Sajid Majeed Mir, who managed the 26/11 terror attacks in India's financial capital Mumbai, has been sentenced to 15-and-a-half years in prison by an anti-terrorism court in Pakistan's Lahore, reported news agency PTI.
Mir, who is presently serving his sentence in Kot Lakhpat jail, carries a bounty of $5 million, which had been declared by the United States for his role in the Mumbai terror attacks.
Mir's sentencing will likely be used by Pakistan to buttress its anti-terror commitments made before the FATF, a global terror financing watchdog. It may also be crucial in ensuring that the country is removed from FATF's "grey list".
According to the report, Mir, who was also fined Rs 4,20,000 in the terror financing case, was sentenced in "quiet manner" meaning that very few people were in the know of the outcome of an otherwise high-profile case.
The Counter Terrorism Department (CTD) of the Punjab Police, which often issues convictions of the suspects in such cases to the media, did not notify Mir's conviction.
Even his detention, which took place in April this year, was kept under wraps.
Mir, the 'Project Manager' of the Mumbai Attacks
Mir, infamously called the "project manager" of the Mumbai attacks, had reportedly visited India in 2005 using a fake passport with a fake name.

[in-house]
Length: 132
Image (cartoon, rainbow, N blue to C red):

The FBI says that “Mir is wanted for his alleged involvement in the 2008 terrorist attacks in Mumbai. Beginning on November 26, 2008, and continuing through November 29, 2008, 10 LeT attackers carried out a series of coordinated attacks against multiple targets in Mumbai, including hotels, cafes, and a train station, killing approximately 170 people.
"Six Americans were killed during the three-day attacks. Mir allegedly served as the chief planner of the attacks, directing preparations and reconnaissance, and was one of the Pakistan-based controllers during the attacks. Additionally, Mir allegedly conspired to commit a terrorist attack against a newspaper and its employees in Denmark between 2008 and 2009," it said.
"Mir was indicted in the US District Court, Northern District of Illinois, Eastern Division, Chicago, Illinois, on April 21, 2011, and was charged with conspiracy to injure the property of a foreign government; providing material support to terrorists; killing a citizen outside of the US and aiding and abetting; and bombing of places of public use. An arrest warrant was issued on April 22, 2011," it said.
Pakistan Under FATF Pressure
Pakistani authorities had in the past claimed he had died, but Western countries remained unconvinced and demanded proof of his death.
This issue became a major sticking point in FATF's assessment of Pakistan's progress on the action plan late last year. This was where things finally started moving in Mir's case, leading to his ‘arrest', Dawn reported on Saturday.
The FATF had placed Pakistan on the grey list in June 2018 and asked Islamabad to implement a plan of action to curb money laundering.
Global terror financing watchdog Financial Action Task Force (FATF) is instrumental in pushing Islamabad to take measures against terrorists roaming freely in Pakistan and using its territory to carry out attacks in India.
Last week, Paris-based FATF said Pakistan will continue to be on the "Grey List" of countries under increased monitoring.
It said Pakistan may be removed from the list after an on-site visit to verify the implementation of its reforms on countering terror-financing mechanisms.